DANNY ROSE, The Sydney Morning Herald, April 20, 2010
Australia's Red Cross Blood Service is reviewing its donation guidelines after Canada halted donations from people who have had chronic fatigue syndrome (CFS).
Canadian authorities took the precautionary step earlier this month, based on US research that linked CFS to a recently identified virus (XMRV) which would be transmissible via infected blood.
Australia's blood service is conducting its own risk analysis. It says existing donor guidelines require people with CFS to defer giving blood until they make a full recovery.
"We are aware of recent developments in Canada," the Australian Red Cross Blood Service said in a statement on Tuesday.
"We are undertaking our own risk analysis to assess what action, if any, should be taken."
The blood service said it takes more than 500,000 blood donations each year but only 70 donors with CFS had been deferred in the past two years.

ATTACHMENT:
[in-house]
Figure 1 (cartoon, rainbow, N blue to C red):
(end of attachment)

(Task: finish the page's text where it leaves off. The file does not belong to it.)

It was standard practice to defer all potential donors who were unwell and in the case of people with CFS they needed written advice from their GP before they could be accepted as a donor.
"The blood service currently defers donors who suffer from chronic fatigue syndrome (and) before we can accept their blood again, they need to bring us a letter from their treating physician advising us that they are completely recovered," the statement said.
The Canadian ban on CFS sufferers donating blood is for their lifetime out of concern any viral cause of their CFS could be spread.
XMRV (Xenotropic murine leukaemia virus-related virus) was first detected in prostate tumours in 2006 and there is now conflicting evidence surrounding a link to CFS.
Late last year, a US study of blood samples taken from 101 people with CFS found 95 per cent also showed evidence of XMRV infection but following studies have not produced the same results.